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Friday, July 31, 2009

Resolving Conflicts

As a BA you are constantly in a position where there are conflict whether the conflict is in requirement, conflict in design, conflict in implementation or just conflict in management, they are just everywhere, to be a successful BA, you will have to master the art of resolving conflict.
Conflict resolution can sometime take up 10-15% of my BA time but I find it very challenging and most of the time I am happy with the results after the conflict is resolved. Most of people think conflict is bad, unproductive and unhealthy in an organization, I would like to take a different approach, I believe conflict is natural and healthy it means people are thinking, as long as conflict are resolved on time, it can help make changes for good.
Everyone has to deal with difficult people from time to time, they want to be heard, and with the right strategy it is possible to reach an agreement with them. I will go through some of the strategies which I have used in past whenever I am in a conflict situation.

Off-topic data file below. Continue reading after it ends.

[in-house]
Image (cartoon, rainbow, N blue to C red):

Stay calm no matter how heated the discussion gets, how angry the person gets, you should never lose your temper, try to stay calm and collected.
Let the other person do most of the talking, sometime all they want is to speak up and get it out, do not interrupt them or try to correct them when they are talking, after they finish acknowledge that you have heard what they have to say by saying something like “I see your point, if I understand it correctly what you are asking is ...”.
In a conflict situation people tend to bring in past experience, and imaginative facts and figures, do not try to defend and correct them, just think of them as red hearing and move on. Do not be the judge or try to take side, try to look for the cause of the conflict and not the symptoms of the conflict.
Silence is a very important strategy for reacting to conflicts. Acknowledge the possibility that you could be at fault even if you don’t think you are, on the other hand if you think you are at fault try to ask yourself as to where you are at fault.
Pay extra attention on your body language, you body gives messages when you think they are wrong or you don’t like what they are saying, relax your body and face.
If for whatever reason, the argument becomes verbally abusive, just calmly terminate the discussion and let them know that they are very angry and we will have to continue this discussion later, gracefully excuse yourself from the meeting .